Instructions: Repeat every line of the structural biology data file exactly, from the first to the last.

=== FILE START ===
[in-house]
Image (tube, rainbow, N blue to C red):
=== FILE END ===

[in-house]
Image (tube, rainbow, N blue to C red):